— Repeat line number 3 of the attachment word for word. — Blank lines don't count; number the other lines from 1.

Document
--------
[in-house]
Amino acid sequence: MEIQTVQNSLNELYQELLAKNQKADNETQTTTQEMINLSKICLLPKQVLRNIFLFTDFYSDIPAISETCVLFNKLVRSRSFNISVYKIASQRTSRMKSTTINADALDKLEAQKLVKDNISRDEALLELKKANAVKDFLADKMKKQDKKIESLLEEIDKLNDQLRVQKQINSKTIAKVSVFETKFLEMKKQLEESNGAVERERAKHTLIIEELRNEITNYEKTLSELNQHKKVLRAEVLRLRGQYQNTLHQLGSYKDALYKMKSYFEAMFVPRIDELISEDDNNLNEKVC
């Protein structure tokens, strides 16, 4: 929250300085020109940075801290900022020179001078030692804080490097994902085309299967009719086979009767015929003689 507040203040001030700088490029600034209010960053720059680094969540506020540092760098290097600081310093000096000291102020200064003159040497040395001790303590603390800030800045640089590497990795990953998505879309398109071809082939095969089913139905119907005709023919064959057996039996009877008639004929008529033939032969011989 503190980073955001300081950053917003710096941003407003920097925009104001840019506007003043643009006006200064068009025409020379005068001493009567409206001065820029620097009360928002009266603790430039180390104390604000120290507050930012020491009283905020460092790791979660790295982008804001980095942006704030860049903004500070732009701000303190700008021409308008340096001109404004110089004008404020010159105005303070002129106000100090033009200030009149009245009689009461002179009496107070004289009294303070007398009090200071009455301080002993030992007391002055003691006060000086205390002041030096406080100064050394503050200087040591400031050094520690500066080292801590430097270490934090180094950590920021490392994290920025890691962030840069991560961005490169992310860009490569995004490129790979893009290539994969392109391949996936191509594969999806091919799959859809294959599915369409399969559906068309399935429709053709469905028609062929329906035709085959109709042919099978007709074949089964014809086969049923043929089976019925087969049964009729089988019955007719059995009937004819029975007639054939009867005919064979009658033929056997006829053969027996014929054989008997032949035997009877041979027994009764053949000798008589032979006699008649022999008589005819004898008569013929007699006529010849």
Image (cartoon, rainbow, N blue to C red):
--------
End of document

């Protein structure tokens, strides 16, 4: 929250300085020109940075801290900022020179001078030692804080490097994902085309299967009719086979009767015929003689 507040203040001030700088490029600034209010960053720059680094969540506020540092760098290097600081310093000096000291102020200064003159040497040395001790303590603390800030800045640089590497990795990953998505879309398109071809082939095969089913139905119907005709023919064959057996039996009877008639004929008529033939032969011989 503190980073955001300081950053917003710096941003407003920097925009104001840019506007003043643009006006200064068009025409020379005068001493009567409206001065820029620097009360928002009266603790430039180390104390604000120290507050930012020491009283905020460092790791979660790295982008804001980095942006704030860049903004500070732009701000303190700008021409308008340096001109404004110089004008404020010159105005303070002129106000100090033009200030009149009245009689009461002179009496107070004289009294303070007398009090200071009455301080002993030992007391002055003691006060000086205390002041030096406080100064050394503050200087040591400031050094520690500066080292801590430097270490934090180094950590920021490392994290920025890691962030840069991560961005490169992310860009490569995004490129790979893009290539994969392109391949996936191509594969999806091919799959859809294959599915369409399969559906068309399935429709053709469905028609062929329906035709085959109709042919099978007709074949089964014809086969049923043929089976019925087969049964009729089988019955007719059995009937004819029975007639054939009867005919064979009658033929056997006829053969027996014929054989008997032949035997009877041979027994009764053949000798008589032979006699008649022999008589005819004898008569013929007699006529010849």